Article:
2D materials: A catalyst for future quantum technologies


SOURCE: WWW.SCIENCEDAILY.COM
MAY 20, 2024

For the first time, scientists at the Cavendish Laboratory have found that a single 'atomic defect' in a thin material, Hexagonal Boron Nitride (hBN), exhibits spin coherence under ambient conditions, and that these spins can be controlled with light. Spin coherence refers to an electronic spin being capable of retaining quantum information over time. The discovery is significant because materials that can host quantum properties under ambient conditions is quite rare.

The findings published in Nature Materials, further confirm that the accessible spin coherence at room temperature is longer than the researchers initially imagined it could be. "The results show that once we write a certain quantum state onto the spin of these electrons, this information is stored for ~1 millionth of a second, making this system a very promising platform for quantum applications," said Carmem M. Gilardoni, co-author of the paper and Rubicon postdoctoral fellow at the Cavendish Laboratory.

"This may seem short, but the interesting thing is that this system does not require special conditions -- it can store the spin quantum state even at room temperature and with no requirement for large magnets."

Hexagonal Boron Nitride (hBN) is an ultra-thin material made up of stacked one-atom-thick layers, kind of like sheets of paper. These layers are held together by forces between molecules. But sometimes, there are 'atomic defects' withinthese layers, similar to a crystal with molecules trapped inside it. These defects can absorb and emit light in the visible range with well-defined optical transitions, and they can act as local traps for electrons. Because of these 'atomic defects' within hBN, scientists can now study how these trapped electrons behave. They can study the spin property, which allows electrons to interact with magnetic fields. What's truly exciting is that researchers can control and manipulate the electron spins using light within these defects at room temperature.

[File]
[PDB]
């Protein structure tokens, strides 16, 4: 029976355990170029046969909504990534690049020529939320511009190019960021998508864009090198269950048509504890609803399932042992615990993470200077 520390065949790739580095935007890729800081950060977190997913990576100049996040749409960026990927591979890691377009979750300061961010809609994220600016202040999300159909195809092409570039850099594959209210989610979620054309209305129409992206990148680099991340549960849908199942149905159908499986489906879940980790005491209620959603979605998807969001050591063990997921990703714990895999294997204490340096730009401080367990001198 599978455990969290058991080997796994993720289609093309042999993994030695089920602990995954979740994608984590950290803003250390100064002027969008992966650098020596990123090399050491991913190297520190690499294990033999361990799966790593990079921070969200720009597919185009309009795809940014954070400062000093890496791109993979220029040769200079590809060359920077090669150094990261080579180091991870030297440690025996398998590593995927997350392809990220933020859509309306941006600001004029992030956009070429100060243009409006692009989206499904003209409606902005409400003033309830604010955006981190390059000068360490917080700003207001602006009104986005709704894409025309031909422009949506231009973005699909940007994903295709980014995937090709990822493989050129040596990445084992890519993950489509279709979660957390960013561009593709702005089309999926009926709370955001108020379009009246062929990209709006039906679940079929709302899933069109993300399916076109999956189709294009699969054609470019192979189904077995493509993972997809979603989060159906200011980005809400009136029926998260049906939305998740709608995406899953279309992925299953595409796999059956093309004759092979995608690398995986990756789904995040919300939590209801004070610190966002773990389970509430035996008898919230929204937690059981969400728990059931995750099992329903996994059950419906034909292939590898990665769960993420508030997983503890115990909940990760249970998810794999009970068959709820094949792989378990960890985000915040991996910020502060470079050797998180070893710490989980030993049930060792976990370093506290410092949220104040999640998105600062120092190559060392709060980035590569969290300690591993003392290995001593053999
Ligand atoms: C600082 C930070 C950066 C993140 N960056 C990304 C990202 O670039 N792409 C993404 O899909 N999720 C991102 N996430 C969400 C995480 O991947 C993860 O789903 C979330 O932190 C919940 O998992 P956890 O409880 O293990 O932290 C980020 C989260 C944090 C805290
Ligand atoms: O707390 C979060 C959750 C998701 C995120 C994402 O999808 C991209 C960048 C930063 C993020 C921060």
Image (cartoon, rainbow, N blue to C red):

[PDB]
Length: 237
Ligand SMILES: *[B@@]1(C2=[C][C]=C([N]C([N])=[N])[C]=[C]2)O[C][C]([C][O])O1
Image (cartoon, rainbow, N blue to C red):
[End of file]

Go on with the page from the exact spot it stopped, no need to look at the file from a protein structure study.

This finding paves the way for future technological applications particularly in sensing technology.

However, since this is the first time anyone has reported the spin coherence of the system, there is a lot to investigate before it is mature enough for technological applications. The scientists are still figuring out how to make these defects even better and more reliable. They are currently probing how far we can extend the spin storage time, and whether we can optimise the system and material parameters that are important for quantum-technological applications, such as defect stability over time and the quality of the light emitted by this defect.

"Working with this system has highlighted to us the power of the fundamental investigation of materials. As for the hBN system, as a field we can harness excited state dynamics in other new material platforms for use in future quantum technologies," said Dr. Hannah Stern, first author of the paper, who conducted this research at the Cavendish Laboratory and is now a Royal Society University Research Fellow and Lecturer at University of Manchester.

In future the researchers are looking at developing the system further, exploring many different directions from quantum sensors to secure communications.

"Each new promising system will broaden the toolkit of available materials, and every new step in this direction will advance the scalable implementation of quantum technologies. These results substantiate the promise of layered materials towards these goals," concluded Professor Mete Atatüre, Head of the Cavendish Laboratory, who led the project.